This system of states' votes stems from the days of slavery when only white male property owners could vote. A "college" of "learned men." Why it still exists is beyond me. 


I grew to appreciate even more the role played by current-day media as a way all the people on board all the ships can maintain some semblance of feeling connected to each other and updated about how each others' lives are going, and how we all eavesdrop on it no matter where we non-Americans live. Yeah, it's noisy and often feels intrusive (cultural imperialism) but it does help time go by. 

States' rights in the US are a real detriment at times. The power assigned to voting individuals is completely at the mercy of whatever ship said individuals happen to be riding on. War was fought over perceived state inequities. Plus, all that ghastly slavery crap that happened from 1619 onward, and that supposedly ended with the Civil War, cultivated mental and social ruts into the fabric of the US so deeply that some aspects have not yet ceased to exist (police murders of George Floyd et al) and voting rights are still being suppressed by some of the old rust bucket state ships in the flotilla. 

Heather Cox Richardson provides context and lots of optimism. In fact I'm pretty sure the fumes of optimism are enticing enough to have been the main way the US has survived thus far given all the handicaps its citizens endure for their privilege of collectively holding ultimate power every 4 or 6 years, 4 for presidential elections and 6 for senate seats (I think). Given the fact that said individuals have been taught to eschew the very thought of being part of a "collective" of anything. 

The main problem I see with individuals holding power is that no one individual has the power to fire a terrible leader. It has to be done collectively, but to get people to act collectively they have to be convinced to maintain a completely incongruent set of ideas about how acting collectively will support their freedom as individuals somehow. Furthermore, if the terrible leader manages to be the best convincer, the resulting set of incongruent ideas becomes a cult. His followers appear to be oblivious to cognitive dissonance.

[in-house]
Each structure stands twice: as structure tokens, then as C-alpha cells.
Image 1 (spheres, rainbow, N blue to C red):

I learned a new word recently - paralipsis. It's a rhetorical device that lets your audience know what's on your mind without having to say so directly. It permits lying, because you can always deny you actually said it. It boils down to speaking with forked tongue or out both sides of your mouth. The current terrible leader is a master of it. Which means he obfuscates and escapes like an octopus from any tiny hole. His story depends entirely on his audience, and what he wants to get from them. 
Critical thinkers find him appalling and mendacious and thoroughly misleading. His followers think he's brilliant and will fix their leaky rust-bucket ship of state. He won't. 

We still don't know who won the election, because there were so many mail-in ballots due to COVID still being counted.